Can i give you a hand?

So this post will basically be talking through my early design process in creating a Covid charm, see my previous post for what a charm is. Initially we were told to think about what had defined our time in lockdown, and therapy came to mind. I spent probably about 15 weeks in sessions with a student therapist from Melbourne university, It was easily some of the most intense sessions I’ve ever been a part of, and by the end felt like I was more mentally exhausted by the therapy than the lockdown. We did this one exercise called chair work, where I would address the chair sitting next to my therapist on the screen as if I was also sitting in it? does that make sense? this was all over zoom.

I showed up late for class, and totally unprepared the morning these sketches were due, luckily I was on the far end of the room, and double lucky I find it easier to pay attention if my hands are busy. So I tried to come up with some ideas that would be fun, but maybe easier to execute. I always get kind of annoyed when I see peoples art diaries and they’re these perfectly maintained books, each page a masterpiece. Most of my visual diaries are 90% half finished pencil sketches, 5% slightly more fleshed out ideas, and 5% notes to myself, sometimes about art, but mostly like phone numbers, quick math and maybe an important password or two. So I don’t really enjoy showing them, but here’s my starting point.

Waxing relaxing all cool

Despite this being my first time using wax, I’ve spent countless hours at work playing with blu-tac on the tills, making tiny sculptures in my down time (if I work for you this is a lie and I am a model employee) so this felt kind of like an extension of that, only the wax was a lot firmer. The thing I was most interested to make was hands, I always love drawing hands, getting a hand right feels like an accomplishment. So I started making hands, these ones below were a combination of brown and pink sheet wax, I focused on getting them as small as I could while still feeling substantial and recognizable. I learnt ways I could make them smoother and look cleaner, but I actually really liked the rough handmade appearance. To me they have the appearance of carved stone, which I think gives off a more masculine vibe.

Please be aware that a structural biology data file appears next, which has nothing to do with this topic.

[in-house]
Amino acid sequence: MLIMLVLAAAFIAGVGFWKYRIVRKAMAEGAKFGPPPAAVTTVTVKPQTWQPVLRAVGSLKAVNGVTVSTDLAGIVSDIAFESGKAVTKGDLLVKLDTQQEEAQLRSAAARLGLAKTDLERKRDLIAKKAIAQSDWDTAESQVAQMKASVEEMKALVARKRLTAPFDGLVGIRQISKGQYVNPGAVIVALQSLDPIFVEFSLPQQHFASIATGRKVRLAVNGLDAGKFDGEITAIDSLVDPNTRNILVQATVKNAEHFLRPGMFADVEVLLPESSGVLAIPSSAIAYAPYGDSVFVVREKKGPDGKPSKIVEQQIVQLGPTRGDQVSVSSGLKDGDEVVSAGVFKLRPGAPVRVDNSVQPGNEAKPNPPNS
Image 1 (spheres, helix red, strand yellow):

I’m most proud of the clicking hand on the far right, it came in at 0.7 grams of wax, which I think turns out to be 7.3 grams of silver. There’s something so fantastically fiddly about working with objects this small, people forgive inaccuracies on a smaller scale, and adding too much detail might end up making it look messy.

Another style I attempted were these rings down below, it might be difficult to see but they are flat little hands wrapped around to make a ring. These seem to be the most popular thing I’ve made, I think I get that, they’re super simple and especially the smaller ring has just enough variation to look human, but still stylized.

Francis Upirchard

When my teacher mentioned this artists name, I thought it was spelt Francis Oop Richard, I don’t if anyone ever has had the middle name Oop, but you can see it in my diary photo above.

UPRICHARD’s practice involves design, sculpture and traditional craft methods. I can really see why my teacher recommended her work, it’s very bodily, and has a really nice tactile . In the video linked below she also talks about smaller scale being intimate, and an intuitive process of creating, both aspects I very much admire and relate too.

At this moment two of my wax pieces have been cast and are ready for collection, but unfortunately medical issues have kept me homebound for the last few days. I’m excited to see how they turned out and will post when I have them in my grubby little hands!